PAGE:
So many people have problems with balance and most don’t know that Doctors of Audiology are Hearing and Balance Specialists.
Most people also don’t know that the organ of balance is located deep in the inner ear, adjacent to the hearing portion, and thus, many of our patients have both hearing and balance concerns. Some ear problems such as Meniere’s disease or an acoustic neuroma (a growth on the hearing nerve that is not cancerous), for example, have both hearing and balance symptoms that prompt a visit to our office.
Our patients describe their balance problems as “vertigo” (room spinning), dizziness, imbalance, a floating sensation, a sensation of falling, light-headedness, or fuzziness. People don’t know how to describe it—all they know is that they don’t like it and they don’t want it to occur ever again.
It takes persistence and skill on the part of the Doctor of Audiology to weave out what is truly caused by an ear problem or whether the symptom reflects something else that’s going on in a different part of your body. Dizziness is like a bad back. It can be caused by many, many things...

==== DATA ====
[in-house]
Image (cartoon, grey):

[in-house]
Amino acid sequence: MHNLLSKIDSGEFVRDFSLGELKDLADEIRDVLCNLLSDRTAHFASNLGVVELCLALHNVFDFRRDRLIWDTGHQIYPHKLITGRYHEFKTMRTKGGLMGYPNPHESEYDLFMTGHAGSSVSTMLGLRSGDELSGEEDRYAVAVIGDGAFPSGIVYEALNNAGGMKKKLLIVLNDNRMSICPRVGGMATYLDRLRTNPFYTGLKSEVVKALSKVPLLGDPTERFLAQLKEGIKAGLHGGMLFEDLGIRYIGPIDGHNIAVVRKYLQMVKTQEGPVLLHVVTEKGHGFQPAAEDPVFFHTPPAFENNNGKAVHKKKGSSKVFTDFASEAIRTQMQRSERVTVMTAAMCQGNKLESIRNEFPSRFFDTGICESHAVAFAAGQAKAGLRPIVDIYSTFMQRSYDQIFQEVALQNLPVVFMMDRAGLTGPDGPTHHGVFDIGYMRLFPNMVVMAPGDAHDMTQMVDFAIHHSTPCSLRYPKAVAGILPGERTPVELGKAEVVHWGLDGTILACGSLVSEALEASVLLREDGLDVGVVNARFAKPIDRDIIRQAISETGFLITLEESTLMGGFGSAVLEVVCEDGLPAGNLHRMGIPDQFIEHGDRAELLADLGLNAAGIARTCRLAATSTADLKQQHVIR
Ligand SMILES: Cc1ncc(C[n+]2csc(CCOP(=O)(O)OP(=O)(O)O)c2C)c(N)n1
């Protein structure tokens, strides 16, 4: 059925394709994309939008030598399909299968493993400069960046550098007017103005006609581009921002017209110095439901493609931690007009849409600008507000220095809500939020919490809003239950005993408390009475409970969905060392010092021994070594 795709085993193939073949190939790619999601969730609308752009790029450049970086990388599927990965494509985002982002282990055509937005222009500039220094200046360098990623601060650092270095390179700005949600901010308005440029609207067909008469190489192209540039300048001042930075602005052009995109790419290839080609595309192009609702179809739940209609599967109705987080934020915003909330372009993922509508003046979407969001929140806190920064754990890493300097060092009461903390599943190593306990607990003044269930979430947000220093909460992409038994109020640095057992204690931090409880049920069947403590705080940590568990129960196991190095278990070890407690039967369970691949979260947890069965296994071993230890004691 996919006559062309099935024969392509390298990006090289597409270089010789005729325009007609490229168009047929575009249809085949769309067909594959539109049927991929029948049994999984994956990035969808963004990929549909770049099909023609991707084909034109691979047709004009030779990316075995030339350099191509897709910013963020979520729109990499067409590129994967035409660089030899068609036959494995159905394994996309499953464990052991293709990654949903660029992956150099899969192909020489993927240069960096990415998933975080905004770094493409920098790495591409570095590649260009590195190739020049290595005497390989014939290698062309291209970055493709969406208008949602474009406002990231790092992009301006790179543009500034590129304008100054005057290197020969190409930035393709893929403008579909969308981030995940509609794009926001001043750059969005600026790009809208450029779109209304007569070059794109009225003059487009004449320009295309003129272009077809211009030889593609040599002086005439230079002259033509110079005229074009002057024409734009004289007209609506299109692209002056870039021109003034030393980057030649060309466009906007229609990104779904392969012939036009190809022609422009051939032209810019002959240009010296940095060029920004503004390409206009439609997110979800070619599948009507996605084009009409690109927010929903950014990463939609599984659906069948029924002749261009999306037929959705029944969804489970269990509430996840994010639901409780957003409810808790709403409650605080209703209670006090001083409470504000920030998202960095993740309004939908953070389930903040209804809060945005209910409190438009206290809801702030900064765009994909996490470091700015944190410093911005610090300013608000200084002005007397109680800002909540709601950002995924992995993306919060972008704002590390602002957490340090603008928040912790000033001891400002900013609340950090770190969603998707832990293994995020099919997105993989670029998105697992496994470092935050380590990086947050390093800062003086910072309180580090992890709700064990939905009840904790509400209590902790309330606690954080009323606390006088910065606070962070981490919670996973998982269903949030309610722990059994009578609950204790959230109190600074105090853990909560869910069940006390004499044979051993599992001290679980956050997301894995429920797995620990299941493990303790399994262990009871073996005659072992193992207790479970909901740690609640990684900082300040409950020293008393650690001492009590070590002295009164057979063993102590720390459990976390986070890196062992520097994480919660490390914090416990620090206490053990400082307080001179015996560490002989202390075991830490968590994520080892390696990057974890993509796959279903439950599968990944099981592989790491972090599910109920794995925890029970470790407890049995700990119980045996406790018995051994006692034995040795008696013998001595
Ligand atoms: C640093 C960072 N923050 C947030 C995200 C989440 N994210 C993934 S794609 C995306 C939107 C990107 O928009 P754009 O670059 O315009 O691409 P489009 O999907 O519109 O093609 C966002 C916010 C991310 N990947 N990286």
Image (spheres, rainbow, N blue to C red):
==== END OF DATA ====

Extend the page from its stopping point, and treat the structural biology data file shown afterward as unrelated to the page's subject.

In addition to a good case history, the Doctors of Audiology also have a test at their disposal called Videonystagmography (VNG). During the VNG, special glasses are placed over your eyes and the Doctor of Audiology monitors your eye movement via a computer while deliberately stimulating the organs in your ear that control balance. Since those organs should be working well and since they should also be working symmetrically (right ear and left ear responds the same to the test), this test is helpful in pinpointing whether the balance problem is located in your ears.
Once the Doctor of Audiology has confirmed the problem is ear related, treatment plans are put in place.